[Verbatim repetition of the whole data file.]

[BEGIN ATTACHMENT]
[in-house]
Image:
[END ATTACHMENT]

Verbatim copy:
[in-house]
Image: